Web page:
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  1. #1
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    I don't know why I want to know, I just became curious one day. How much does the Sea Drake weigh? Thankfully I'm not a cat so I should be able to live through this bit of curiocity.

  2. #2
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    In water or out?

    Seriously, the bouyancy effect has a major change.

    But if you are to compare it with Earth standards, you can look at a blue whale. Not quite as long as the Sea Drake is supposed to be, but a lot bulkier. They are typically 70 - 80 feet long (although up to 100&#39, and weigh between 90 and 150 tons.

    I would convert that to metric for you, but it's too early for my brain to function.

  3. #3
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    hmmmmmmm you make a good point Benjamin. I accidentally confused weight and mass when I made my original post.

    It would be nice to know both, but I'm more interested in what I feel like calling its actual weight, which is the weight out of water.

    For those of you who want something to base your guesses, guess-timates and/or estimates (educated or not) off of the largest blue whale ever recorded was a female that weighed between 106 and 112 feet long (I found different lengths on the internet for the longest blue whale on record, all the ones I found fell in that range though). Oddly they had the same scientist estimated weight of roughly 200 tons (they were never actually weighed and no indication is given as to if that is in long or short tons).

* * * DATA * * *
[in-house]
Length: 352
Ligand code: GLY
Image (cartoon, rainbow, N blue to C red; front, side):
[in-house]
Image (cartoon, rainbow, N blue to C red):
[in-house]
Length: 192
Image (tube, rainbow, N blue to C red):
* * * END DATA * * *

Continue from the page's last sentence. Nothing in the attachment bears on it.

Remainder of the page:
To reiterate and condense the info on blue whales
    Longest on record: between 105 and 112 feet
    Scientist estimate on weight: 200 tons

    So it either weighed roughly 480,000 pounds (Long Tons) -OR- roughly 400,000 pounds (Short Tons)

    1 Short Ton = 2,000 pounds = 907.18 kilograms
    1 Long Ton = 2,400 pounds = 1,016.0 kilograms

  4. #4
    Senior Member RaspK_FOG's Avatar
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    Actually, the short ton (I think it is called non-metric or American/Canadian ton on non-scientific terms, but I am not sure...) is based on the Anglosaxon system, and thus equal to 2.000 pounds (as you can see I am a metric user; thus the original "." instead of the "," in thousands; SI rules!&#33, while the long ton is actually called "metric ton" and based on the metric system; in other words, the metric ton equals 1.000 Kg and the 2.400 pound equivalency is an approximation.

  5. #5
    Junior Member Urban fox's Avatar
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    Heh, It’s big enough to smash whole fleets, that’s all ye really need to know.

    I Personally think the sea drake would be far bigger than any mere whale, Perhaps 200-300 ft long with a eel like body.

  6. #6
    Senior Member RaspK_FOG's Avatar
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    I think that was what was meant: longer and slimmer than a whale.

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